The prosperity cult is not limited to any one faith. It is probably quite old too. The golden calf of the ancient Israelites seems salient here, as are the plethora of fecundity and wealth cults throughout human history. One modern manifestation of the prosperity cult can be seen in New Thought from America. Phineas P. Quimby and Mary Baker Eddy are two key pioneering figures in New Thought.
The Law of Attraction, a core teaching in New Thought, became popularised through writings by the likes of Napoleon Hill, Norman Vincent Peale, and Louise Hay. Books like Think and Grow Rich (1937), The Power of Positive Thinking (1952), and You Can Heal Your Life (1984) are famous examples of Law of Attraction in action. Most recently, Rhonda Byrne’s The Secret (2006) and its spin-offs are the latest iterations of an old idea.
Central to the Law of Attraction are quasi-spiritual ideas with roots in Hinduism. But more specifically, it is better described in my view as a form of “prosperity pseudo/neo-tantrism” that borrows and perverts concepts and practices from the Hindu Tantric paradigm (with its underlying advaita or non-dualist metaphysics) to promote narcissistic gratification of desirous attachments to wealth, health, beauty, success, fame, romantic relationships, sexual satisfaction, even seeming social charity and spiritual growth. Outward displays of charity and spirituality do not always reflect what is truly valued in the secret heart.
Prosperity pseudo/neo-tantrism is not Tantra. To understand this, we need to discern what Tantra is. Controversial and unfairly maligned, Tantra is a paradigm of spiritual and social transformation that embraces rather than excludes the total catastrophe of life. Some claim it is very ancient (7000 years old or more). Others, through historical and scholarly study, claim it is less ancient, and in fact is more classical than not (c. 500 CE onwards).
Be that as it may, the prevailing ethos of Tantra is systematic refinement of body and mind towards spiritual awakening founded upon ethical discipline, coupled with embrace of all experiences of life from sacred sexuality to artistic and cultural renaissance and to social and ecological justice. As in all religious movements, Tantra has its fair share of charlatans and crooks, but we have to be mindful not to discard the baby with the bathwater. Wisdom is needed here.
In contrast, prosperity pseudo/neo-tantrism mis-appropriates selected elements of Tantric philosophy and meditation to concoct a pseudo-spiritual endeavour that panders to one’s insatiable wants and fantasies, pertaining to what we might call the American Dream, or at least a variant of it.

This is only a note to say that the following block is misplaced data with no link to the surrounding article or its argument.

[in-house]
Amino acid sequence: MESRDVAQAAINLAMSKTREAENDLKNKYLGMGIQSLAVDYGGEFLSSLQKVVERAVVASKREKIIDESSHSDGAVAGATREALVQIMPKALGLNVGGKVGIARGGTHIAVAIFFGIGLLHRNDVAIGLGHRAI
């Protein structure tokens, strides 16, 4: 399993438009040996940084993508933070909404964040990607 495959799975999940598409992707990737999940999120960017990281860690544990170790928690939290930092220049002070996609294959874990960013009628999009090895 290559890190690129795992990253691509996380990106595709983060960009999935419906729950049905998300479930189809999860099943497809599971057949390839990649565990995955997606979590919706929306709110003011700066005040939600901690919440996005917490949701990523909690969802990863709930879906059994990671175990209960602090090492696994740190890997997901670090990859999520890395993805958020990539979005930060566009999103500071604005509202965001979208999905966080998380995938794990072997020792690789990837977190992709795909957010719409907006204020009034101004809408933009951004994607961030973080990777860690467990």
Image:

With regards to disciplined psychospiritual transformation, prosperity pseudo/neo-tantrism butchers the rigorous systematic practices of yoga and meditation to offer an insipid shallow package of self-hypnosis and self pep-talk for selfish consumption. The highly mindful process of Tantric sexual yoga is plagiarised and mutated into postmodern orgiastic experimentations more akin to watered-down Kama-sutra than to genuine Tantra.
On the social front, prosperity pseudo/neo-tantrism fails miserably. Rather than confronting and challenging oppressive social structures like the caste system or rampant predatory neoliberal capitalism, prosperity pseudo/neo-tantrism is an indelible part of the problem—enmeshed in a multi-billion dollar industry of “wellness” and “happiness” where you can get to be all you want to be, using the ubiquitous Law of Attraction!
From Oprah Winfrey to Tony Robbins, the spate of New Age gurus and quacks fill our TV screens and bookstores with relentless reiterations of the same self-indulgent message of “I am” and “I can be anything I want” by the power of attraction and manifestation. It is no wonder then that Oprah and Osteen go well together. They are cut from the same cloth of New Thought, even though one might be of the prosperity pseudo/neo-tantrism kind and the other of the prosperity pseudo-gospel kind (with roots in the Word of Faith cult of E. W. Kenyon and Kenneth E. Hagin, in turn linked to New Thought). To me, they both ultimately worship the same god—the serpentine mammon.
This critique is necessarily brief and much more can be analysed, especially in relation to the history of Tantra and authentic meditation. But for now, let us be sober and clear—stay far away from New Thought in its various iterations. And when it comes to God and His gospel, make sure we discern rightly and come to the true Jesus of the Bible, not the fake genie of prosperity pseudo-gospel. Our present existence and eternal destiny are at stake.